Data surveillance centers: Crime fighters or ‘spy machines?’

(CNN) – Some residents of Oakland, California, fear their community is creating a monster.

The city calls it the Domain Awareness Center, but opponents call it a “spy machine” and a potential “tool of injustice.”

Known as “the DAC,” it’s a proposed central surveillance facility where authorities can monitor the Port of Oakland and the city’s airport to protect against potential terrorism.

But the broader issue of centralized data surveillance poses serious privacy questions for millions of people in cities around the globe.

In March, more than 100 worried Oakland residents waited past midnight to complain about it during a City Council meeting. Standing at the mic, Maya Shweiky, a self-described public school teacher and Muslim, warned lawmakers their proposal would be used to “discriminate against minorities and perpetuate racial, religious and political profiling.”

While the council voted on the proposal, rowdy protesters began chanting, “No! No! No! No!”

Council members have proposed expanding the DAC to add live, 24/7 data streams from closed circuit traffic cameras, police license plate readers, gunshot detectors and other sources from all over the entire city of Oakland.

The danger, say opponents, is putting all these data resources into one place.

“If you need to go to four different locations to track someone’s movements across town, you’re not going to do it unless you have a good reason,” said Linda Lye of the American Civil Liberties Union of Northern California. “But when you can do it with the press of a button because it’s all at your fingertips, you’ll end up doing it based on your idle curiosity.” That, Lye said, creates a situation ripe for abuse.

Oakland represents just one battleground in a fiery debate about how cities should be using so-called “Big Data,” especially aggregated video and other types of surveillance.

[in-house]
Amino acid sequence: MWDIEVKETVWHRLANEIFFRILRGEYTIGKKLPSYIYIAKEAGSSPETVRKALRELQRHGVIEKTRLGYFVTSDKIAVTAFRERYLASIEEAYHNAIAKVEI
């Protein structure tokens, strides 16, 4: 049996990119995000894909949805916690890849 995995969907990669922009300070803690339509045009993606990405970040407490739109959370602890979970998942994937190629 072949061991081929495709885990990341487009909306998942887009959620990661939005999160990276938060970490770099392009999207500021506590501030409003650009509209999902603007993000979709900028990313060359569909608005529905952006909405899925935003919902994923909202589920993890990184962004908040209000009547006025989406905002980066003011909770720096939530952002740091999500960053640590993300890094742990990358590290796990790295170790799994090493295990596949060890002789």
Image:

City closed-circuit TV cameras performed famously when they helped identify suspected terrorists in London in 2005 and in Boston last year.

Community surveillance 2.0

But the issue has progressed far beyond the power of a few hundred video cameras and streetlight posts. Community surveillance 2.0 is now all about huge data mash-ups and incredible software that quickly sorts through mountains of information. Bottom line: A relatively small number of people have easy access to data that can track your whereabouts.

In many cities, cameras mounted on police patrol cars gather video of millions of license plates. That data that can be used to track vehicles, possibly yours. Add traffic cameras to the mix. Then include cameras at bus stops, airports and train stations. How about cameras owned by schools and private security companies?

The key to using all this information is the data-mining software that can easily and effectively rifle through it.

Cities leading the way in video data collecting include London — an early and strong adopter of widespread camera surveillance. The UK reportedly has 5.9 million CCTV cameras nationwide. For every 11 British citizens, there’s one CCTV camera, according to Salon.

Nice, France, has been expanding its surveillance center, which is projected to eventually count one camera for every 500 residents.

As Rio de Janeiro hosts the World Cup and the 2016 Olympics, the city plans to make heavy use of its IBM-designed Operations Center, which combines video and other data from 30 agencies including traffic cameras, subways and even weather satellites.

The network includes more than 550 cameras, 400 employees and 60 different layers of data streamed from citywide sensors. Mayor Pedro Junqueira says the center helps emergency teams warn residents in landslide-prone areas when to evacuate during heavy rainstorms.

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